HOMEFRONT: South Dakota Stories
South Dakotans in the Mexican Border War - Students from South Dakota School of Mines and Technology

Erling Dutt and William E. “W.E.” Snyder were two of the almost 40 South Dakota School of Mines and technology students sent to the Mexican border in 1916 as part of South Dakota’s 4th infantry unit.
image
SDSM&T students at the Mexican Border as part of South Dakota’s 4th Infantry – 1916

The “miners”, and 1000 of their fellow soldiers, were among the 100,000 National Guard troops activated by President Woodrow Wilson after Pancho Villa invaded the United States on March 9, 1916. The Mexican revolutionary leader’s attack on Columbus, New Mexico left 10 civilians and 8 soldiers dead, as well as large parts of the town burned to the ground. Villa was pursued into Mexico by General John J. Pershing and 4800 regular Army troops, but the guerrilla leader was never captured. Troops remained along the U.S. / Mexican border until the Spring of 1917. Dutt’s and Snyder’s correspondence home were among the various “border” letters by SDSM&T student / soldiers published in the school’s “Paha Sapa Quarterly”. Though it’s not known if either soldier was ever interviewed about their experiences, their letters were read and recorded to include as part of the Homefront archives.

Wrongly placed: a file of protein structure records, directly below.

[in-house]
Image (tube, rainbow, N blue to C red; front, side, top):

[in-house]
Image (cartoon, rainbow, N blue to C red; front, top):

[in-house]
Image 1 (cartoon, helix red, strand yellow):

image
SDSM&T student William E. “W.E.” Snyder at the Mexican Border - 1916

Rapid City actor Eric Hedlund read the letter written by Erling Dutt.

Deadwood actor Logan Sulentic read the letter written by William E. “W.E.” Snyder

Listen to the Dakota Digest story about the SDSM&T students and their service during the Mexican Border war.

 

 

 

 

 






 

 Sponsors:
 SDN Communications Black Hills Power

   
         
  ©2007 SOUTH DAKOTA PUBLIC BROADCASTING - ALL RIGHTS RESERVED